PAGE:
We all thought about it. Each of us had seen it before. Many times before.
But just how nice would a solid-hitting Casey McGehee be for the Pittsburgh Pirates in 2012? All of us had the thought of the 2009 and 2010 Casey McGehee in our brains heading into the season. You know, that slugger from 2009 and 2010 whose Milwaukee Brewers had an ownership stake in the Pittsburgh Pirates? Yeah, that one.
But, unfortunately, the Casey McGehee that we saw in April and May didn’t resemble that player. Not even close.
Perhaps it was just a flashback from so many beatings from the Brewers, but McGehee seemed to be just what the Bucs needed to compensate for the shortcomings of Garrett Jones. But when you look closer, McGehee also struggled against left handers in a big way last season; he didn’t walk much, he hit a ton of groundballs and fewer line drives. Was it a one year slide? Maybe just a blip?
Early on, it looked bad. Heading into June, McGehee’s numbers were pitiful–190/281/250. Hell, even the Lyle Overbay Experiment topped McGehee’s numbers and Overbay headed into last June with a 232/300/370 line.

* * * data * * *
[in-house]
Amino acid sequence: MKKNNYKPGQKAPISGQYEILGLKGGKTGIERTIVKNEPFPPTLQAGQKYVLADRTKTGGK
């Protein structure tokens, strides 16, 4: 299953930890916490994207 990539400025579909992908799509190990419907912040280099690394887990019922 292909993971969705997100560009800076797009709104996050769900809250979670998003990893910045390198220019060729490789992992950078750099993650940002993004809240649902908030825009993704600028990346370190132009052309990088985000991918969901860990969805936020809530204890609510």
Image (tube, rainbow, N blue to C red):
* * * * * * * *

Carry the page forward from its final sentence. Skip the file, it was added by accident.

But McGehee has caught fire this month when the Pirates offense looked like it was going to be left for dead on a nightly basis by the opposition’s pitching staff. McGehee is hitting .389 so far in June with three doubles, three bombs, and has driven in eight runs as he is starting to earn more playing time.
It’s still difficult to tell which of his three past seasons he will replicate this year. McGehee has had three distinct seasons as a professional in the show: A very good season, a slightly above average season and the forgettable one that helped land him in Pittsburgh.
The right handed hitting McGehee has his walk rate up to over 12 percent , which is the highest of his career. The 6’1″ 220-pounder has 19 walks. Ho hum, right? Well, in 2009 he had just 34 walks in 394 plate appearances, in 2010 he had 50 free passes in 670 plate appearances. So 19 walks in just 157 PA this season is a great sign of what he has been able to do at the plate.
But – the key to his big season in 2009 was his ability to hit line drives. He did that at a 21.6 percent clip. In 2010 and 2011, that number dropped to 16 percent.
This year his line drive rate is up to 18.3 percent, as he is seeing a few more fastballs than he has the past two seasons. McGehee’s hot streak is a very good sign as he starts to climb out of the dreadful hole that he started the year in for the Bucs.
Stay tuned to see if McGehee keeps getting walks, and pulling those increasing number of fastballs into the seats. God knows, the Bucs need a few more line drive hitters in that lineup.
Casey McGehee would be a big one.